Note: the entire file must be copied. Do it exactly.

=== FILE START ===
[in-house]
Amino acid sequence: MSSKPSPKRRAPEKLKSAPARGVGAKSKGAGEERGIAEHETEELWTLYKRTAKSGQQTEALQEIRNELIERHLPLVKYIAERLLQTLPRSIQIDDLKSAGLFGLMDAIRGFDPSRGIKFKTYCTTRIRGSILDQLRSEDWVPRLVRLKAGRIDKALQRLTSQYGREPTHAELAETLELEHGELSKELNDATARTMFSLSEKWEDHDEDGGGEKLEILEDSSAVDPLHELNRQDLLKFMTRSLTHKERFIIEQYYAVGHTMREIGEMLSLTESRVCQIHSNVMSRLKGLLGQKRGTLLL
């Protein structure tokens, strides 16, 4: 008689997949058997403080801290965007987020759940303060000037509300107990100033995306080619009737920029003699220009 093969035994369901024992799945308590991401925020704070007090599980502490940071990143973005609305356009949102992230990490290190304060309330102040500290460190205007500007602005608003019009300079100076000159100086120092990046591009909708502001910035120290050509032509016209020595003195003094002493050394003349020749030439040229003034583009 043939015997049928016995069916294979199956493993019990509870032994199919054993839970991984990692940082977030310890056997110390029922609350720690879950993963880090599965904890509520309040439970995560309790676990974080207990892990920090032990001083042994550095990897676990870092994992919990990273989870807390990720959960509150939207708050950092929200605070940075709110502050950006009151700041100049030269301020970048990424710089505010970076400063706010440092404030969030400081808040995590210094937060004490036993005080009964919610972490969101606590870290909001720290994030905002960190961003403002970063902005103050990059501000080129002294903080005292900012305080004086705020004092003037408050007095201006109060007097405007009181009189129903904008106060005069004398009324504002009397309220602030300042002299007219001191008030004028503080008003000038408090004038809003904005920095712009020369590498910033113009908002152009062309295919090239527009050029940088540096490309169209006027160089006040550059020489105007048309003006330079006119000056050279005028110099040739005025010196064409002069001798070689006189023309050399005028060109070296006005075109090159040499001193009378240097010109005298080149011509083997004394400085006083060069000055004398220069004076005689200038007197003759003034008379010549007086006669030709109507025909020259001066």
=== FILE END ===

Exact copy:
[in-house]
Amino acid sequence: MSSKPSPKRRAPEKLKSAPARGVGAKSKGAGEERGIAEHETEELWTLYKRTAKSGQQTEALQEIRNELIERHLPLVKYIAERLLQTLPRSIQIDDLKSAGLFGLMDAIRGFDPSRGIKFKTYCTTRIRGSILDQLRSEDWVPRLVRLKAGRIDKALQRLTSQYGREPTHAELAETLELEHGELSKELNDATARTMFSLSEKWEDHDEDGGGEKLEILEDSSAVDPLHELNRQDLLKFMTRSLTHKERFIIEQYYAVGHTMREIGEMLSLTESRVCQIHSNVMSRLKGLLGQKRGTLLL
């Protein structure tokens, strides 16, 4: 008689997949058997403080801290965007987020759940303060000037509300107990100033995306080619009737920029003699220009 093969035994369901024992799945308590991401925020704070007090599980502490940071990143973005609305356009949102992230990490290190304060309330102040500290460190205007500007602005608003019009300079100076000159100086120092990046591009909708502001910035120290050509032509016209020595003195003094002493050394003349020749030439040229003034583009 043939015997049928016995069916294979199956493993019990509870032994199919054993839970991984990692940082977030310890056997110390029922609350720690879950993963880090599965904890509520309040439970995560309790676990974080207990892990920090032990001083042994550095990897676990870092994992919990990273989870807390990720959960509150939207708050950092929200605070940075709110502050950006009151700041100049030269301020970048990424710089505010970076400063706010440092404030969030400081808040995590210094937060004490036993005080009964919610972490969101606590870290909001720290994030905002960190961003403002970063902005103050990059501000080129002294903080005292900012305080004086705020004092003037408050007095201006109060007097405007009181009189129903904008106060005069004398009324504002009397309220602030300042002299007219001191008030004028503080008003000038408090004038809003904005920095712009020369590498910033113009908002152009062309295919090239527009050029940088540096490309169209006027160089006040550059020489105007048309003006330079006119000056050279005028110099040739005025010196064409002069001798070689006189023309050399005028060109070296006005075109090159040499001193009378240097010109005298080149011509083997004394400085006083060069000055004398220069004076005689200038007197003759003034008379010549007086006669030709109507025909020259001066």